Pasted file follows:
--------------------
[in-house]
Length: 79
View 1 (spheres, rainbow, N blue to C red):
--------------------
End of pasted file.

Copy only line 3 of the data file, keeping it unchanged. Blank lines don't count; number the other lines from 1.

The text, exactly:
View 1 (spheres, rainbow, N blue to C red):